Uncovering immune cell reactions in COVID-19

The COVID-19 outbreak presents tremendous challenges for the human race. In general, the causative organism, severe acute respiratory syndrome coronavirus 2 (SARS-CoV-2), causes a spectrum of disease, ranging from asymptomatic to fatal. A new study published on the preprint server medRxiv* in April 2020 suggests that an overactive immune response is responsible for the more severe manifestations of the illness.

Novel Coronavirus SARS-CoV-2 Colorized scanning electron micrograph of a VERO E6 cell (blue-green) exhibiting elongated cell projections and signs of apoptosis, after infection with SARS-COV-2 virus particles (yellow), which were isolated from a patient sample. Image captured at the NIAID Integrated Research Facility (IRF) in Fort Detrick, Maryland. Credit: NIAID
Novel Coronavirus SARS-CoV-2 Colorized scanning electron micrograph of a VERO E6 cell (blue-green) exhibiting elongated cell projections and signs of apoptosis, after infection with SARS-COV-2 virus particles (yellow), which were isolated from a patient sample. Image captured at the NIAID Integrated Research Facility (IRF) in Fort Detrick, Maryland. Credit: NIAID

Immunity is generally linked to a better disease course and outcome. However, it is also known that a hyperimmune response can occur after viral infections, causing widespread damage and organ failure.

Recently, it has been found that severe illness is associated with high cytokine expression, including interleukin 6 (il-6). This has been called a cytokine storm and suggests an abnormal or imbalanced immune function. On the other hand, critically ill patients with COVID-19 have very low numbers of immune cells and reduced immune activation.

The current study aims to provide a detailed picture of how both specific and nonspecific immune responses take place in COVID-19 to produce disease of varying severity.

The study

The researchers included 53 patients, 21 with moderate, 18 with severe and 14 with critical COVID-19 illness. Those with moderate and severe illness joined the study once they became symptomatic, and were tested for the virus using reverse transcription-polymerase chain reaction (RT-PCR). In those with a critical illness, the diagnosis had been made about 14 days before (median), and the patients were in the intensive care unit (ICU) at the time of joining the study.

Only one blood sample could be collected from 10 of 14 patients in the critical group.

Thus, there was a significant difference in the total duration of the illness between these three groups of patients. To account for this potential confounding factor, blood samples of patients in the moderate and severe groups were also collected over a period of 8 days after they joined the study.

The blood samples were used to isolate peripheral blood mononuclear cells (PBMCs). The researchers analyzed the counts of white cells in the blood, such as lymphocytes, granulocytes, and monocytes.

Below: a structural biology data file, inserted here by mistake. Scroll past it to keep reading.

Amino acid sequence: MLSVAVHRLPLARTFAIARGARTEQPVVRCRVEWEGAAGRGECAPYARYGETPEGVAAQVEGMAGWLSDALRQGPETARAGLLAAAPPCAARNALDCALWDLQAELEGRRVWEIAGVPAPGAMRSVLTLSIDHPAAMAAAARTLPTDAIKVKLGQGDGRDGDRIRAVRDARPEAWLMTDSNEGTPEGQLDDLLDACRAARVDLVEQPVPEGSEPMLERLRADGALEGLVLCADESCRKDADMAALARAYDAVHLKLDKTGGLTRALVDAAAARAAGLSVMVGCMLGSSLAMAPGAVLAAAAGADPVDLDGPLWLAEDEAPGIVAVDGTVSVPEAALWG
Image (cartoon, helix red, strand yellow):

They also analyzed the changes in the severity of disease over the follow-up period of 8 days.

Reduced lymphocytes with cytotoxic phenotypes in critical or severe illness

They found that for most patients, the PBMC counts were subnormal, both at the initial visit and on follow-up. The number of natural killer cells (NK) was markedly reduced in severe and critical cases, but eosinophil numbers were higher in critical patients.

They used relative PBMC counts to compensate for individual variations caused by the subnormal levels. They found significantly lower levels of lymphocytes as a proportion of PBMCs in critical cases compared to moderate cases.

The ratio of T cells with CD4 to CD8 was higher in severe and critical cases relative to moderate cases because of a drop in CD4+ cells.

T cells with the memory phenotype that are long-lasting and preserve the memory of the virus were lower in both CD4 and CD8 subgroups in critical cases. Terminally differentiated T cells form a subtype of CD8 cells, which were also lower in critical and severe cases.

Activated CD4 cells with HLA-DR expression at its lowest level were found to be markedly reduced among critical cases, with the decline slowing from severe to moderate cases. A similar gradient was seen with CD57+CD4+ or CD57+CD8subtypes. The CD57 T cell is a highly migratory memory or effector T cell that is terminally differentiated and functionally competent.

CD11a-positive CD4 and CD8 T-cells showed a steep drop, as did CD28+CD4 T-cells, in critical cases compared to severe or moderate cases.

Among the B cells, transitional and marginal zone CD19 cells were found to show a progressively reducing trend in patients with severe and critical symptoms.

All these findings reflect a loss of activated and terminally differentiated cytotoxic T cells in severe and critical patients, remaining observable even at the follow-up visit.